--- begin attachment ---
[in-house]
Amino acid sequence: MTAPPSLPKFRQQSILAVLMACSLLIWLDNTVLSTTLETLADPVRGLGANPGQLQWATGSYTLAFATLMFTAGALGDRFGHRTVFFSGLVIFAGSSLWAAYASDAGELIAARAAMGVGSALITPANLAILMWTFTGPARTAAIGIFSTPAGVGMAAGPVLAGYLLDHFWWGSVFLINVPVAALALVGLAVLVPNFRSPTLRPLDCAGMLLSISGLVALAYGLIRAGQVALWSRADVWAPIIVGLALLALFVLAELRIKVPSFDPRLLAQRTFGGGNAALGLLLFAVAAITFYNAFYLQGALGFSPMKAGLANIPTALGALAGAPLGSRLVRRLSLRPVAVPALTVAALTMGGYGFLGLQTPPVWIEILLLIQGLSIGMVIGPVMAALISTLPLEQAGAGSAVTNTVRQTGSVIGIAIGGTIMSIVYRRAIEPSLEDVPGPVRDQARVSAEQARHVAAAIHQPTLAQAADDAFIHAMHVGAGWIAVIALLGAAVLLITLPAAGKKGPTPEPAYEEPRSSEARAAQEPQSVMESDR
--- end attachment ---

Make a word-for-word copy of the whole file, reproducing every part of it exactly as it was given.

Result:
[in-house]
Amino acid sequence: MTAPPSLPKFRQQSILAVLMACSLLIWLDNTVLSTTLETLADPVRGLGANPGQLQWATGSYTLAFATLMFTAGALGDRFGHRTVFFSGLVIFAGSSLWAAYASDAGELIAARAAMGVGSALITPANLAILMWTFTGPARTAAIGIFSTPAGVGMAAGPVLAGYLLDHFWWGSVFLINVPVAALALVGLAVLVPNFRSPTLRPLDCAGMLLSISGLVALAYGLIRAGQVALWSRADVWAPIIVGLALLALFVLAELRIKVPSFDPRLLAQRTFGGGNAALGLLLFAVAAITFYNAFYLQGALGFSPMKAGLANIPTALGALAGAPLGSRLVRRLSLRPVAVPALTVAALTMGGYGFLGLQTPPVWIEILLLIQGLSIGMVIGPVMAALISTLPLEQAGAGSAVTNTVRQTGSVIGIAIGGTIMSIVYRRAIEPSLEDVPGPVRDQARVSAEQARHVAAAIHQPTLAQAADDAFIHAMHVGAGWIAVIALLGAAVLLITLPAAGKKGPTPEPAYEEPRSSEARAAQEPQSVMESDR